I’ve not been on twitter much this week, and when I have, it’s led to mild irritation. Returning from a wonderful few days working with middle school children in Istanbul, I tapped back into twitter to find the same strident voices peddling the same certainties and instead of wondering whether I should respond, as I usually do, I simply switched off. For a couple of days, at least. And while I switched off, I read Ian Gilbert’s book ‘Independent Thinking’. Instead of irritation, I laughed, and shed a little tear and hummed and ahhhed and smiled and popped post-it notes on pages. Ian’s book doesn’t tell you how to teach. It doesn’t tell at all. It wonders and it is full of wonder. And so, I’m looking at my work with renewed eyes. Istanbul eyes and Gilbert eyes. And what I see is joy, love and hope. Not mastery, purpose and practice.
This post will be attacked as opinion. It is, simply opinion, although I would point to the extensive longitudinal study from Harvard, conducted over 75 years which summarises simply that ‘Happiness is Love’. I could also point to the work of Seligman and Layard and point to the importance of relationships, wisdom and goodness in living a successful life. But instead, I’m going to point to people I know.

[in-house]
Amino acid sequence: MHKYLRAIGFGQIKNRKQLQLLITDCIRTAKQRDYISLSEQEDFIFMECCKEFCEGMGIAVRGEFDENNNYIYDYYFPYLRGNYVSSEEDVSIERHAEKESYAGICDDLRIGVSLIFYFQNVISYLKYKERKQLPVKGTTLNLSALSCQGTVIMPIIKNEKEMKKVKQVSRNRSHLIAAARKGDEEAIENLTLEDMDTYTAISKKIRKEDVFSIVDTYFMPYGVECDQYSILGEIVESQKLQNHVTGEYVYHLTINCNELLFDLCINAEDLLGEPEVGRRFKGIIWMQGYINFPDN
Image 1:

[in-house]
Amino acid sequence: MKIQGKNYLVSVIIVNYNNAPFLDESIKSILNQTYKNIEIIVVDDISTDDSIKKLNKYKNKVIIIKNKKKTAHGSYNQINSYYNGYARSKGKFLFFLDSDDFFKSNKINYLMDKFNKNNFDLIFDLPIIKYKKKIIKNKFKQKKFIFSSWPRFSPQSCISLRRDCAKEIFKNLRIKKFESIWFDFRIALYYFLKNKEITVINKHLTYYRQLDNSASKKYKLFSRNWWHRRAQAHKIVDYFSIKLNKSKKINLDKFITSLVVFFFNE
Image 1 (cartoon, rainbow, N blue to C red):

Two tricky boys with no mothers, who have worked hard for me ever since I started behaving like a mother towards them. An angry girl who responds and quietens if I speak to her anger with gentleness. A whole class of chitty chatters who can be quietened with the stare and calmed with a smile. The boy who told me quite simply, more than ten years after he left school that what he remembered most about our lessons was that I loved them. And I did.
We can argue endlessly about pedagogy. We can, if we want to, spend hours bitterly arguing about whether knowledge or skills are most important (when they are utterly inter-dependent). We can form tribes, dig trenches, fire shots across the educational wasteland. But when you read the heart breaking accounts of @betsysalt or @chocotzar’ struggles with the terrible lives of the children in their care; when a child tells you he understands how Joey in War Horse feels in Chapter One, because he too lost his mother when he was little; when a head-teacher tells you that a child doused himself in petrol and set himself alight in an attempt to communicate his pain, you have to stop and ask, what are we here for?
We’re here to teach, yes. But we’re here to love. And if we can’t offer love, we will never be the teacher they deserve. That’s all.